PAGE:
Marketing peaked in 1985 when Al Ries and Jack Trout released the marketing bestseller: Marketing Warfare. I don't like the negative military term... but it helps to admit that the competitive environment is tough and requires serious tactics and a "do or die" attitude.
If you haven't read Marketing Warfare, you can buy it HERE
These are the guys that wrote The 22 Immutable Laws of Marketing - the best foundation of thought and attitude for any business person in every department.
Here is an overview inspired by Quick MBA that uses all the military jargon you need...
Ries and Trout list the following three principles of guerrilla marketing warfare:
Identify a segment that is small enough to defend. For example, the scope can be limited geographically, demographically, by industry, or by price.
Never act like the leader,even if successful in the guerrilla attack. Some companies that make a guerrilla move are successful in it and begin to act like the leader, building a larger, bureaucratic organization that slows it down and increases overhead costs. A guerrilla should resist the temptation to give up its lean and nimble organization.
Be ready to enter or exit on short notice. If the market for the product takes a negative turn, the guerrilla should exit quickly rather than waste resources. Because the guerrilla has a nimble organization, it is better able to make a quick exit without suffering huge losses. Similarly, the guerrilla can respond more quickly to a market opportunity without spending months or years having committees analyze it. Guerrilla opportunities sometimes arise when a large company discontinues a product, leaving a gap on which the guerrilla firm can capitalize if it acts quickly.
The idea of guerrilla marketing is to direct resources into a limited area, using the principle of force to win that area.
Examples of geographic guerrillas include local retailers who win customers with offerings better tailored to the locale compared to the offerings of national chains. Locally-tailored city business publications are an example that fill a need that cannot be filled by a national publication such as the Wall Street Journal. Banks and airlines also have used a limited geographic scope successfully.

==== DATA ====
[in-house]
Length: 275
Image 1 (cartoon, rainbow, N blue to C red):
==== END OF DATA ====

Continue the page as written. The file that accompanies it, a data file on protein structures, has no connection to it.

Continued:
Demographic guerrillas target a specific demographic segment of the populuation. Inc. magazine is an example that targets small business owners who were not well served by publications such as Business Week.
Industry guerrillas target a specific industry, using vertical marketing to tailor a product to the special needs of that industry. The focus is narrow and deep rather than broad and shallow.
Product guerrillas offer a unique product for which there is a small market. The Jeep is an example of such a product.
High-end guerrillas offer a premium high-priced product. Rolls-Royce is a guerrilla in very high-priced automobiles. Because the volume is small and Rolls-Royce already has the lead, other manufacturers are deterred from competing directly. The high price creates a mystique about the product and raises the curiosity of consumers who seek to find out what makes the product so special that it commands such a high price. Line extensions of the main product do not work well here; high-end products should have a new name in order to establish a new position that is not diluted by the position of other products.
Alliances often are instrumental in a guerrilla strategy. In certain industries such as hotels, creating a brand that independents can join has been a successful strategy for many. A critical question when forming alliances is who the competitor is. Ries and Trout use the example of two motels across the street from one another on a resort island. On the surface it might appear that they are each other's competitors. Another way to view the situation is that they are allies attempting to attract tourists to their island rather than another resort island. An alliance might be more beneficial to the two motels than direct competition with one another.
For most companies, guerrilla marketing is the appropriate strategy simply because in most industries only a small percentage of firms are large enough to pursue defensive, offensive, or flanking strategies.
Be careful out there.